California’s Climate Plan: Cost Is No Object
July 16, 2009. If you want to set back environmentalism, just enlist California’s Air Board. They gave us those millions of Zero Emission Vehicles back in the 1990’s. This time we’re getting way-cheaper-than-free climate control. They say “It’s amazing.” Here’s how they do it: Pick your favorite projects, make costs estimates, then … just do all of them, even the horribly expensive ones.
Dumb: In 2008 they came up with a plan — their Scoping Study — which calls for 27 different carbon reduction measures. They figured the savings from these would be about double their costs to get emissions to 30% below what they would have been. Chairwoman Mary Nichols remarked “It’s amazing.” They decided to get five independent reviews—none of the reviewers knew who the others were. Five Ph.D. economists all came to exactly the same conclusion. It’s amazing all right, amazingly unbelievable.
Dumber: I can understand over-optimism about your pet projects. But they compiled a list of how much it cost to use each of the 27 measures they picked, to save carbon. And what bothers me is that those costs ranged from plus $156 per ton of CO2saved to minus $408. Now if someone told you that you could buy something for $156 or you could be paid $408 for taking the the exact same thing, what would you do? Well if you’re the Clean Air Board you’d say, Oh, I’ll have a random amount of every measure. In fact, the measure they bought second most of was Renewable Electricity for $133/ton carbon saved. By their own calculation, they could have bought a whole lot more carbon reduction for under $20/ton using cap and trade. But they didn’t. They wanted a whole bunch of the $133 carbon instead. There is no difference. Saving a ton of carbon dioxide one way or another has precisely the same impact on the climate.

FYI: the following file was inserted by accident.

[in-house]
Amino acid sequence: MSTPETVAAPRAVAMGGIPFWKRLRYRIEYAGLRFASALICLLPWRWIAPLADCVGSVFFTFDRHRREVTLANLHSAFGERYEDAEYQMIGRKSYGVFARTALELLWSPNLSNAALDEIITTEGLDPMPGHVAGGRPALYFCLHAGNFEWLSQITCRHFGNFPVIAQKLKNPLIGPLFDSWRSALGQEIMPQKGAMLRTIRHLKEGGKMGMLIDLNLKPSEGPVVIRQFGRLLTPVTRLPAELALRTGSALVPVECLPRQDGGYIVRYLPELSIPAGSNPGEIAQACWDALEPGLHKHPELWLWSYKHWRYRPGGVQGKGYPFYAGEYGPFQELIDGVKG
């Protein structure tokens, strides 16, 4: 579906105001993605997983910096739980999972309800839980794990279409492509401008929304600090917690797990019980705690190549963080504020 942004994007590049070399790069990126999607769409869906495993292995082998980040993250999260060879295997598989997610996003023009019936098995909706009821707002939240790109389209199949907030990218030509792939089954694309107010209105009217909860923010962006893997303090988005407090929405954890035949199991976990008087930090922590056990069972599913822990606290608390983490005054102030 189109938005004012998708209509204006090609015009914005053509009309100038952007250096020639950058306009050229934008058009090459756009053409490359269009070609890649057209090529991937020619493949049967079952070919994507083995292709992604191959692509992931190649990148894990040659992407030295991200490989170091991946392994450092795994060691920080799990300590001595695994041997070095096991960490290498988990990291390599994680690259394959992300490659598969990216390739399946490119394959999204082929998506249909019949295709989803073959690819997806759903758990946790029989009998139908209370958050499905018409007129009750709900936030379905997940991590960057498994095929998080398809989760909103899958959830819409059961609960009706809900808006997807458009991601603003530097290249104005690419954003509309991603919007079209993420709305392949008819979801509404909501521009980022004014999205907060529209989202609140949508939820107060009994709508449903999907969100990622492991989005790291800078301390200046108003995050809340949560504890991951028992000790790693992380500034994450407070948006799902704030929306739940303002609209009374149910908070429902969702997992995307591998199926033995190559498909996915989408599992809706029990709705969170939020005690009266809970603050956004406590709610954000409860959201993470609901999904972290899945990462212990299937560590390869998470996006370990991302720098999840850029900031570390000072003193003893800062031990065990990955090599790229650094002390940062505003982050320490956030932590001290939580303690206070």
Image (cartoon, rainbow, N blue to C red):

I am not making this up. The State Legislative Analyst’s Office, said “Selection of particular measures and the mix of measures appear not to have been directly influenced by cost-effectiveness consideration.” Right. I mean who would have thought to consider cost-effectiveness? We’re talking environment. It’s sacrilegious to consider cost.
What’s going on? What I really don’t understand is why most environmentalists will not say one word about this. The five reviewers did and they are all environmentalists. But does it really require a Ph.D. to figure out it’s best to buy the cheap one and not the super expensive one? Or is their something funny going on in the environmental world?
Bottom line for saving the environment: Don’t waste other peoples money. (1) It’s morally reprehensible, (2) It will make you unpopular, (3) This will reflect badly on environmentalists generally. (4) This will mean we take less care of the environment.
Wasting other people’s money means: Using tax dollars to abate carbon but not buying the cheapest abatement available, and instead, buying your pet projects.